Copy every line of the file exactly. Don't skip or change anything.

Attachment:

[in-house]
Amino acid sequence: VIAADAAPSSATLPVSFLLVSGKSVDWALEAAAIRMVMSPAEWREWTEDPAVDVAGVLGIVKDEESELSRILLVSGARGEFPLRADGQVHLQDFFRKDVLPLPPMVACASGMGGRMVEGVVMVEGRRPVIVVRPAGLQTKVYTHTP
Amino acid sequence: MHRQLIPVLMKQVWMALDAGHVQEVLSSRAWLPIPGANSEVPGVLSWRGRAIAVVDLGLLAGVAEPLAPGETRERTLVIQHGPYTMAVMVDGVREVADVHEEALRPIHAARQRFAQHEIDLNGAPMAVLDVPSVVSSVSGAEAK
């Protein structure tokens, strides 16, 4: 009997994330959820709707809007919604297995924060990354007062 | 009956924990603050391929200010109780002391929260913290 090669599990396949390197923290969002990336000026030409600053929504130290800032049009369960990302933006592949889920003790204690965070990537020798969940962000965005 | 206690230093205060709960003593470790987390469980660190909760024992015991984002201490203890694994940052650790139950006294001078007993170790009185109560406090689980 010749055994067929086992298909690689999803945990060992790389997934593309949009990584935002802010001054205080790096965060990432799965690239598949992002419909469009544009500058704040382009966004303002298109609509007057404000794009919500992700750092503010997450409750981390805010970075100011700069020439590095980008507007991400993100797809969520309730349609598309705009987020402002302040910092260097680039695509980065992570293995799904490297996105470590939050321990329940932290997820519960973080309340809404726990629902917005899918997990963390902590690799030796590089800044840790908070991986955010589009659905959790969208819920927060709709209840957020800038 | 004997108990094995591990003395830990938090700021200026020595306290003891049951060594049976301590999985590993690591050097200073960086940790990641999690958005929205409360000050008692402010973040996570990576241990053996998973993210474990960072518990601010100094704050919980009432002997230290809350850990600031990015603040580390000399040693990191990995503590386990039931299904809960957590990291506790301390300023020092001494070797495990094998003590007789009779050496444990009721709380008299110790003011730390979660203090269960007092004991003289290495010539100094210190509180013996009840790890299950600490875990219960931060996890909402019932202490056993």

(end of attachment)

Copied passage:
[in-house]
Amino acid sequence: VIAADAAPSSATLPVSFLLVSGKSVDWALEAAAIRMVMSPAEWREWTEDPAVDVAGVLGIVKDEESELSRILLVSGARGEFPLRADGQVHLQDFFRKDVLPLPPMVACASGMGGRMVEGVVMVEGRRPVIVVRPAGLQTKVYTHTP
Amino acid sequence: MHRQLIPVLMKQVWMALDAGHVQEVLSSRAWLPIPGANSEVPGVLSWRGRAIAVVDLGLLAGVAEPLAPGETRERTLVIQHGPYTMAVMVDGVREVADVHEEALRPIHAARQRFAQHEIDLNGAPMAVLDVPSVVSSVSGAEAK
């Protein structure tokens, strides 16, 4: 009997994330959820709707809007919604297995924060990354007062 | 009956924990603050391929200010109780002391929260913290 090669599990396949390197923290969002990336000026030409600053929504130290800032049009369960990302933006592949889920003790204690965070990537020798969940962000965005 | 206690230093205060709960003593470790987390469980660190909760024992015991984002201490203890694994940052650790139950006294001078007993170790009185109560406090689980 010749055994067929086992298909690689999803945990060992790389997934593309949009990584935002802010001054205080790096965060990432799965690239598949992002419909469009544009500058704040382009966004303002298109609509007057404000794009919500992700750092503010997450409750981390805010970075100011700069020439590095980008507007991400993100797809969520309730349609598309705009987020402002302040910092260097680039695509980065992570293995799904490297996105470590939050321990329940932290997820519960973080309340809404726990629902917005899918997990963390902590690799030796590089800044840790908070991986955010589009659905959790969208819920927060709709209840957020800038 | 004997108990094995591990003395830990938090700021200026020595306290003891049951060594049976301590999985590993690591050097200073960086940790990641999690958005929205409360000050008692402010973040996570990576241990053996998973993210474990960072518990601010100094704050919980009432002997230290809350850990600031990015603040580390000399040693990191990995503590386990039931299904809960957590990291506790301390300023020092001494070797495990094998003590007789009779050496444990009721709380008299110790003011730390979660203090269960007092004991003289290495010539100094210190509180013996009840790890299950600490875990219960931060996890909402019932202490056993």